- Location: Ruby Peak, Ruby Range west of Crested Butte
- State: Colorado
- Date: 2016/01/21
- Summary Description: 2 snowmobilers caught, 1 partially buried uninjured, 1 fully buried and killed
- Primary Activity: Snowmobiler
- Primary Travel Mode: Snowmobile
- Location Setting: Backcountry
- Caught: 2
- Partially Buried, Non-Critical: 1
- Partially Buried, Critical: 0
- Fully Buried: 1
- Injured: 0
- Killed: 1
- Type: SS
- Trigger: AM - Snowmobile
- Trigger (subcode): u - An unintentional release
- Size - Relative to Path: R3
- Size - Destructive Force: D2
- Sliding Surface: --
- Slope Aspect: SE
- Site Elevation: 11000 ft
- Slope Angle: 35 °
- Slope Characteristic: Convex Slope
The avalanche was a soft slab, unintentionally triggered by a snowmobiler, medium size relative to the path, large enough to bury and kill a person, and broke into old snow layers (SS-AMu-R3-D2-O). The avalanche released on a slope ranging from 32 to 42 degrees in steepness, near treeline (around 11,000 ft), and facing east-southeast. The avalanche was approximately 3 feet deep, 500 feet wide, and ran 140 vertical feet. It released on a layer of small facets with a Hand Hardness of 4 Fingers that sat atop a thin melt-freeze crust. The alpha angle for this avalanche event was 26 degrees.
A late November and early December dry spell ended mid-December, when a significant storm cycle deposited 94 inches of snow (6.45 inches of snow-water equivalent (SWE)) in the last two weeks of December at the Irwin Guides study plot, located 0.5 miles to the southeast of the avalanche site at 10,200 ft. The first six days of January brought clear skies, light winds, and large diurnal temperature swings. From January 6th to January 9th, 15 inches of snow (0.7 inches SWE) fell under light southwest to northwest winds, with gusts reaching 30 to 40 mph at Scarp Ridge wind station, located 1.3 miles to the northwest of the site at 12,000 ft. January 10th to January 14th was dry, mostly sunny with little wind, and daytime high temperatures in 20’s and 30’s (F).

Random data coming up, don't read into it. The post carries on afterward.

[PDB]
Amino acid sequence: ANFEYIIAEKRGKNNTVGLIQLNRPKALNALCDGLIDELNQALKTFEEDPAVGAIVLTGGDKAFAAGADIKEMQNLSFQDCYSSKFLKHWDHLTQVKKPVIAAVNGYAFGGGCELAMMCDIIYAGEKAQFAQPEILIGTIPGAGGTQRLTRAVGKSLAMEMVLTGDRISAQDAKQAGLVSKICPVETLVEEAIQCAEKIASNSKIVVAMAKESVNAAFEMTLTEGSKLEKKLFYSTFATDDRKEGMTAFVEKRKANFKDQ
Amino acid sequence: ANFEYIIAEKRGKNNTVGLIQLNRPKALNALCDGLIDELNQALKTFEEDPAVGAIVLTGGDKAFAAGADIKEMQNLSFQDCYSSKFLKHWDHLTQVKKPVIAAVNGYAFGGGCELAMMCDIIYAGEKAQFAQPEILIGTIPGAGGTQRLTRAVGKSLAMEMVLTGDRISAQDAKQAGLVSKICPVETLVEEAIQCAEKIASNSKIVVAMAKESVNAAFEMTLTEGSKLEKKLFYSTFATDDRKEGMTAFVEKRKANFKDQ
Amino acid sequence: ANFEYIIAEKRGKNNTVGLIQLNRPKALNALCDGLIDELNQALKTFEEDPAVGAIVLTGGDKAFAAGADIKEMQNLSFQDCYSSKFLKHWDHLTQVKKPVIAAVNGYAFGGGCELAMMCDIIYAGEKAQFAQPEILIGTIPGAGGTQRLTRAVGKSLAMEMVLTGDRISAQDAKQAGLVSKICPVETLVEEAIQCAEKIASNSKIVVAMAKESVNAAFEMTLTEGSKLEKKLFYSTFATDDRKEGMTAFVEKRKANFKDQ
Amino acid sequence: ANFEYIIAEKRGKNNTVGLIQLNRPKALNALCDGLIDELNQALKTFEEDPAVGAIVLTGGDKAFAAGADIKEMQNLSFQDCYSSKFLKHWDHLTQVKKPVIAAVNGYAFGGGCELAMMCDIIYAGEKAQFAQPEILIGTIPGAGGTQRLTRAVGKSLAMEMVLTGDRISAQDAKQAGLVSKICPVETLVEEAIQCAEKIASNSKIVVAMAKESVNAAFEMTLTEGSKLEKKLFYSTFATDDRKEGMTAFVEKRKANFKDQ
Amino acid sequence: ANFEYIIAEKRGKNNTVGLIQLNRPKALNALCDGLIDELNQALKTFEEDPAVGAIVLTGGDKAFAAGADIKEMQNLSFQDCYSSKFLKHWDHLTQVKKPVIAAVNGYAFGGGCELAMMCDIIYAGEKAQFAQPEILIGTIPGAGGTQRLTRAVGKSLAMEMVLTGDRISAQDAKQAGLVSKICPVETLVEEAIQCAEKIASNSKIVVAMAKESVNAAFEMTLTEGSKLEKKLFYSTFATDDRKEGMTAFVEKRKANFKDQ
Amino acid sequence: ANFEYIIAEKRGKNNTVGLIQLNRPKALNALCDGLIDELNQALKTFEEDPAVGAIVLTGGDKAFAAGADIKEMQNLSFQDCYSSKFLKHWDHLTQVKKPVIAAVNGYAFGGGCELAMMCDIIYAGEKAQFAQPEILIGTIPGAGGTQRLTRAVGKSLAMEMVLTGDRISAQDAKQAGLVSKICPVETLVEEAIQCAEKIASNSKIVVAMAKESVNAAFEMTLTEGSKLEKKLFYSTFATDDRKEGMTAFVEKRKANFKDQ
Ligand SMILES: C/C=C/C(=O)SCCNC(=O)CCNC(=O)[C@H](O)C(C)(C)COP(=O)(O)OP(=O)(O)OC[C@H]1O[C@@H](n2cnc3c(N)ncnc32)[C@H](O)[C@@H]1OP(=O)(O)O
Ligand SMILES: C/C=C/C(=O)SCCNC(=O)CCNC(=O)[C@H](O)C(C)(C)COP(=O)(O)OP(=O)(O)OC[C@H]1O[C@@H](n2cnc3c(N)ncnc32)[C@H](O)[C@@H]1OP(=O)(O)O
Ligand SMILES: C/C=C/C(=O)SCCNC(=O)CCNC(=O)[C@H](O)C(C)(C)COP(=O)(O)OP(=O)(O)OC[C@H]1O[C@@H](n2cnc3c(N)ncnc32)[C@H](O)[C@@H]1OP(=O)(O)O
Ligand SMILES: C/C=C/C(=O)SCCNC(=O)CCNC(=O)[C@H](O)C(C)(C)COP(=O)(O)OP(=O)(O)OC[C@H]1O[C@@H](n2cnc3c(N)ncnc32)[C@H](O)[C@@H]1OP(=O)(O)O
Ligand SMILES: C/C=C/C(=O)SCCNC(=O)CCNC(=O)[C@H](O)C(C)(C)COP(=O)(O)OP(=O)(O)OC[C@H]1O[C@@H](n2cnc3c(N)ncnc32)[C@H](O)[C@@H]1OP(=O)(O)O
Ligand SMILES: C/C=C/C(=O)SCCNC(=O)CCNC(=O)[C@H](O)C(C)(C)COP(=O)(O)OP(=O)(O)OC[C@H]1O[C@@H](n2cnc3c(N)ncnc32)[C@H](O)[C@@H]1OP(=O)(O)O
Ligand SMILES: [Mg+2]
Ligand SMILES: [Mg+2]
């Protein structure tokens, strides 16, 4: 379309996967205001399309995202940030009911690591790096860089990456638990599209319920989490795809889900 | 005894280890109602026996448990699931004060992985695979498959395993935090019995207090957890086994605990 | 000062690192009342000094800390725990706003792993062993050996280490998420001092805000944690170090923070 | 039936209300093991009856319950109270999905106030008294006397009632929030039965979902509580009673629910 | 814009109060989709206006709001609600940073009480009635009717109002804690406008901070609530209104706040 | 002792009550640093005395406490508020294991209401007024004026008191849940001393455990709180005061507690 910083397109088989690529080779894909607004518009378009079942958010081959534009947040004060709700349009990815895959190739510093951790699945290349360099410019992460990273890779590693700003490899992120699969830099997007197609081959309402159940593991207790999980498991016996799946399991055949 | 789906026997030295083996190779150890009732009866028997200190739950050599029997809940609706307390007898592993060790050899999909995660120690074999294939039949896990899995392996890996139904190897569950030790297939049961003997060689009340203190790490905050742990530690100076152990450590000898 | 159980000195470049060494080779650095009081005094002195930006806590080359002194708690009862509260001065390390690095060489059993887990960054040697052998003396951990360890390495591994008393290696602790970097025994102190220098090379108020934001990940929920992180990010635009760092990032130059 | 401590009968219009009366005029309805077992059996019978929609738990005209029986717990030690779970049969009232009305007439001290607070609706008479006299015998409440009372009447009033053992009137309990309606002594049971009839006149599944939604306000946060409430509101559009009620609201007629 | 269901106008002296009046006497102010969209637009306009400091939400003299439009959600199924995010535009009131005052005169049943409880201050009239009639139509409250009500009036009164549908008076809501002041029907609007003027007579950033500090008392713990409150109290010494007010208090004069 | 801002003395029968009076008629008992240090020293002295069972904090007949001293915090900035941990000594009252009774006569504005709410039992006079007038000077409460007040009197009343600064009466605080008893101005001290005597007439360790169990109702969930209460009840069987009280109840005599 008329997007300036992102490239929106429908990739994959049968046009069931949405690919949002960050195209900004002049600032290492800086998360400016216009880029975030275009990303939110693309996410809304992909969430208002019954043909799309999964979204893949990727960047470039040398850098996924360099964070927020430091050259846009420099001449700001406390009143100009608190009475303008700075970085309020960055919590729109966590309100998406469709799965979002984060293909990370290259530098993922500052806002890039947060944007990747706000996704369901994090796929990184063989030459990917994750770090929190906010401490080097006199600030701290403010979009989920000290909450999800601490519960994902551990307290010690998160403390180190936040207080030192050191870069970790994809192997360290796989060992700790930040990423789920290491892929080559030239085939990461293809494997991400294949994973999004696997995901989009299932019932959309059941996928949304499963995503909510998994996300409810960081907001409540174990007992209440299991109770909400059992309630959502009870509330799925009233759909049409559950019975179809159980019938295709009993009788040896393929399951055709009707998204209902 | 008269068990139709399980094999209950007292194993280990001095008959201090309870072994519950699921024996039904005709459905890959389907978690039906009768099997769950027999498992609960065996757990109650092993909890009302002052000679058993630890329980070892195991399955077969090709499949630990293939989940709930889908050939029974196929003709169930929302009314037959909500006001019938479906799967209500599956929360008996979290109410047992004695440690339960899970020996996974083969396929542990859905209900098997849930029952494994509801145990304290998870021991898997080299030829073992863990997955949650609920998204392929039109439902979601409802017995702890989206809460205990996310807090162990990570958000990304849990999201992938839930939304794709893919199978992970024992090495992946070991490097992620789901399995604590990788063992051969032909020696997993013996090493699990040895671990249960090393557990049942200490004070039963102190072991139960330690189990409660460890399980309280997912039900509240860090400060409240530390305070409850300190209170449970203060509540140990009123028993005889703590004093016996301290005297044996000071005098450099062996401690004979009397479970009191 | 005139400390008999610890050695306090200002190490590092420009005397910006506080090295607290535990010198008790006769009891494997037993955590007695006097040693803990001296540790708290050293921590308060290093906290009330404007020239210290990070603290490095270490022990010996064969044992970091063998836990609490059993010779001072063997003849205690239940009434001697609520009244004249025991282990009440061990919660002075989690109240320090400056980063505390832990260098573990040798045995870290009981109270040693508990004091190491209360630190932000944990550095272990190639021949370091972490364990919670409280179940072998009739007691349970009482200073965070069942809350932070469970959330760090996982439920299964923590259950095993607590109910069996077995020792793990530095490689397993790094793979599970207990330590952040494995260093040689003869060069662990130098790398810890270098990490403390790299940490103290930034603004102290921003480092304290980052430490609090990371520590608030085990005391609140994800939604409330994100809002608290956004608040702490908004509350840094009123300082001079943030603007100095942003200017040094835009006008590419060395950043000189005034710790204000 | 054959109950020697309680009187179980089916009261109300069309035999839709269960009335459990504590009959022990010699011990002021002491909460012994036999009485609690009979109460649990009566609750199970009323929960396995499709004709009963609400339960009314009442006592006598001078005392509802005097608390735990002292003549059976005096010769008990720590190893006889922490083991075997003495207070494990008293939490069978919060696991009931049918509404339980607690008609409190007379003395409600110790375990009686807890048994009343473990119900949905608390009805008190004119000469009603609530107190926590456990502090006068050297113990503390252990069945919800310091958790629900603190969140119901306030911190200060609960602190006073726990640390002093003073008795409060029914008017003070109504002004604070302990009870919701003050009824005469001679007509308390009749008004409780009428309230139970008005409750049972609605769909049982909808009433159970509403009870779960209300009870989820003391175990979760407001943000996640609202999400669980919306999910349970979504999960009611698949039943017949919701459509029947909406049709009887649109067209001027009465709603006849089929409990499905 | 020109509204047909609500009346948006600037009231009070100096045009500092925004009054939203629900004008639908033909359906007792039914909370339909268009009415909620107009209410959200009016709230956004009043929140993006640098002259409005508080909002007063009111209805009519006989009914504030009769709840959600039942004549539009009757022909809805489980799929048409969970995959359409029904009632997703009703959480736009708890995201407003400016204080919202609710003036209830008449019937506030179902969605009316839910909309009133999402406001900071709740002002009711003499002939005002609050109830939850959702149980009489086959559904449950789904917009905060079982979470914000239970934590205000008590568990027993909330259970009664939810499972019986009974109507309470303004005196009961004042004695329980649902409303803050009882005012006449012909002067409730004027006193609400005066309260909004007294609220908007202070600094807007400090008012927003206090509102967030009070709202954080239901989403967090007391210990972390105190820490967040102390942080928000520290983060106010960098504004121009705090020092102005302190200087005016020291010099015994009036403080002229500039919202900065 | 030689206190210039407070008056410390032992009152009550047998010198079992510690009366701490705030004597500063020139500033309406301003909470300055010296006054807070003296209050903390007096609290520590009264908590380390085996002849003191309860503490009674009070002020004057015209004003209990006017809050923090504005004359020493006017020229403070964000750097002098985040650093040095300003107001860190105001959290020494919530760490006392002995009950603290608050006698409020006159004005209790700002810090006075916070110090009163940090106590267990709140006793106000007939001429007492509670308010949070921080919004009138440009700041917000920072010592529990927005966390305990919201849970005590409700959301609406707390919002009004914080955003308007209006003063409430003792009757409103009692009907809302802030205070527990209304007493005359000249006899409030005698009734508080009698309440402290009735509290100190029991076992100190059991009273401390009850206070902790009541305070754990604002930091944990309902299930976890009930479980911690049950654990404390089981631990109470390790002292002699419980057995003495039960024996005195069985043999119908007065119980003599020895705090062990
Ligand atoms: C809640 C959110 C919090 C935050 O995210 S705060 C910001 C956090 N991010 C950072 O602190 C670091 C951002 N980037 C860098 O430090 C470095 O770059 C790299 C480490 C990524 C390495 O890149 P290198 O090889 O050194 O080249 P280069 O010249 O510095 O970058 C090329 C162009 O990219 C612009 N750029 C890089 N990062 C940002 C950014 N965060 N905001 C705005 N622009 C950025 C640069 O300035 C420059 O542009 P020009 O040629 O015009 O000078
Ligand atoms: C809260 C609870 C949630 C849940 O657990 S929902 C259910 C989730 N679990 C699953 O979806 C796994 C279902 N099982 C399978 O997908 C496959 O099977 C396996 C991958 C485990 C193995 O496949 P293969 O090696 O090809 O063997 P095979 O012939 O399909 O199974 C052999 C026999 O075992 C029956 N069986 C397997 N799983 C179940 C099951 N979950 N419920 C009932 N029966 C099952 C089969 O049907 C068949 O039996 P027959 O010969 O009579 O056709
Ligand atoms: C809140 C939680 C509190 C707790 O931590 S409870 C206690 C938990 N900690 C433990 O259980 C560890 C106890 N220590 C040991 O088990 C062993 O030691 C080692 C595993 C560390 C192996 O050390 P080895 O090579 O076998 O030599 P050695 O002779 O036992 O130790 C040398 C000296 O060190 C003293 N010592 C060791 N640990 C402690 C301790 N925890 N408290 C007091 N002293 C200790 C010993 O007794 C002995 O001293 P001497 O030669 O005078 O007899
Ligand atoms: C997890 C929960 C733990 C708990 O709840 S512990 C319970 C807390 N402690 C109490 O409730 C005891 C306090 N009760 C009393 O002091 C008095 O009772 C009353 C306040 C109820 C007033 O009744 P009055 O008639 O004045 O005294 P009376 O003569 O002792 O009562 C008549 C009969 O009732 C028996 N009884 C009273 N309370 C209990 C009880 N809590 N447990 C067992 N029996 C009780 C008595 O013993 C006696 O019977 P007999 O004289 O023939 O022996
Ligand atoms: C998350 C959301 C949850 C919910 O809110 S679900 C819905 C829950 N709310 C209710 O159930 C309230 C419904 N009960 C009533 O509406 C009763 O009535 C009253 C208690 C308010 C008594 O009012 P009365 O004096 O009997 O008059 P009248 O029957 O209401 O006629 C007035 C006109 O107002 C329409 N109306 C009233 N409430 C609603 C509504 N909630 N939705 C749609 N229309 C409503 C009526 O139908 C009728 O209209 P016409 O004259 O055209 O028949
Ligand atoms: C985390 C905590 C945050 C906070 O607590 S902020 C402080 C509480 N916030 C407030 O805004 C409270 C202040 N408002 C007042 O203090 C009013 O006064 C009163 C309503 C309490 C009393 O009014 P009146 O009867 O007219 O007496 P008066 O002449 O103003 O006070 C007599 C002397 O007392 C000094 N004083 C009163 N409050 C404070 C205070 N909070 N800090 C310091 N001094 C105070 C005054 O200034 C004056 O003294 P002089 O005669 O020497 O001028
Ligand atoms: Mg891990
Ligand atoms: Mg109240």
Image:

A series of storms brought 7 consecutive days of snowfall from January 14th to January 20th. Storm totals during this week-long period were 65 inches of snow and 3.25 inches of SWE. Winds on Scarp Ridge were out of the south-southwest during the first 5 days of the storm, averaging 13-18 mph, and gusting into the 40’s. Scarp Ridge station malfunctioned during the last three days leading up to the accident, but observers in the area reported moderate to strong winds that veered to the northwest on January 19th. Northwest winds continued up until the day of the accident (January 21st). Skies cleared on the morning of January 21st. Winds were moderate to strong out of the north-northwest with large plumes off of the peaks in the morning.
The snowpack in the Ruby Range began to build in late October. The snowpack was thin, shallow, and weak through November. A dry period in early December further weakened the existing snowpack before an extended storm cycle from mid to late December built an early-season slab over depth hoar and basal crust layers. The late December storms produced a widespread natural avalanche cycle during the Christmas week.
By the start of the New Year, the height of the snowpack was 46 inches at the Irwin Snow Study Plot. An extended dry spell in early January promoted faceting through the entire snowpack, and left a thin melt-freeze crust at the surface on southerly aspects. This crust was buried on January 6th with 10 inches of new low-density snow, and facets subsequently formed above and below the crust. The crust/facet combination was further buried by a series of storms beginning on January 14th. Between January 14th and 20th, the height of the snowpack at the Irwin Snow Study Plot increased by 21 inches. Southwest winds veered to northwest through this stormy period, and drifted the low-density storm snow into deeper and more cohesive slabs on leeward slopes.